I decided to climb in through the window and try to catch up with her.

  The only safe way to play: keep my eyes on Thelma and Wesley. So long as I never let them out of my sight, they wouldn’t be able to take me by surprise.

  Also, they were sure to lead me to my women. (Unless my women were dead, which I couldn’t allow myself to believe.)

  The window screen was attached to the sill by small hook-and-eye catches. A simple flip of two hooks, and the screen should swing out for me.

  But the hooks were on the inside.

  At the bottom of the screen, just above one of the hooks, I sliced a small flap with my razor, I pushed against it with the tip of my forefinger. The flap lifted inward. I inserted my finger to the second knuckle and shoved the hook sideways. It was tight in the steel eye. But it suddenly popped out.

  I started to work on the screen above the other catch. When the flap was made, I put away my razor. Then I poked my finger in. I shoved at the hook. It slipped free.

  The screen went loose at the bottom.

  I stuck my index fingers into both the flaps.

  I started easing the screen toward me. It came easily.

  But all of a sudden, a door banged shut somewhere to my right - in the direction of the front of the house. The sound, though not very loud, startled the hell out of me. I jumped. I felt as if I’d gotten zapped by lightning - a hot current sizzling through my heart and every vein and artery.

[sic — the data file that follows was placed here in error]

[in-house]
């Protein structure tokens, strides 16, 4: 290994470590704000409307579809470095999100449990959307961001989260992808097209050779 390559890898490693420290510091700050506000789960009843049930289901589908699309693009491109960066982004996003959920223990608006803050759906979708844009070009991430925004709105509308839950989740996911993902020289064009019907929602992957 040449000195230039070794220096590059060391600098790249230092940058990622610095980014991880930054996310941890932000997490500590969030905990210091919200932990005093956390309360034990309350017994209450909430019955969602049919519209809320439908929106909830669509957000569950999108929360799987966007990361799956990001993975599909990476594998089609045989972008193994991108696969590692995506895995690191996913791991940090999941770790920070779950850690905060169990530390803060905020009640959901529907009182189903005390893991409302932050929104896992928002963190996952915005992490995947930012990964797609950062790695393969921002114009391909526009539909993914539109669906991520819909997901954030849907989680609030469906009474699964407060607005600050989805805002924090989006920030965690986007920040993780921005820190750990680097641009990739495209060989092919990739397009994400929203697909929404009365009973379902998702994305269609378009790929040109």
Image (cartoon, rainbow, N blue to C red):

I damn near fell down.

  Somehow, though, I kept my hold on the screen. I eased it gently back into place, in spite of my quaking hands. Then I let myself collapse.

  I lay on the ground, head up, eyes on the grounds by the front of the mansion. I no longer sizzled from the sudden fright, but my heart wouldn’t slow down. It whammed like a madman. I had a hard time catching my breath, too. I was a wreck.

  Nobody walked into view.

  I heard voices, though. Probably Wesley and Thelma, but the sounds were soft and masked by a thousand jungle noises. I didn’t have a clue about what was being said.

  After a few seconds, the voices faded out completely.

  I pushed myself off the ground and ran alongside the house. Glancing around the comer of the veranda, I found my quarry; Wesley and Thelma, walking Erin toward the jungle.

  They had their backs to me.

  Thelma’s right hand clutched Erin by the arm. She carried a flaming torch in her left hand. It lit the three of them with an aura of shimmering gold.

  Thelma wore shoes, and nothing else. Erin wore nothing at all. Wesley, holding her by the right arm, wore his knife belt, a bandage on his right buttock, and high-top sneakers.

  Erin limped along between her two captors. She’d been cleaned so that she no longer looked as if she’d been rolling in blood. But I could see a mad pattern of stripes on her back and buttocks.

  Her head hung. She looked hugely weary.

  They led her away from the mansion, following a dirt pathway that curved to the left and vanished into the jungle.

  I watched until they vanished into the jungle. When all I could see was the haze of Thelma’s torchlight, I broke cover. I dashed past the side of the veranda and across the front lawn (book bag whapping against my back), and didn’t slow down until I came to the dirt path.

  Crouching low, I crept forward. With bushes in the way, I could no longer see the glow of Thelma’s torch. But she and the others couldn’t have gone far. They had to be just a short distance ahead.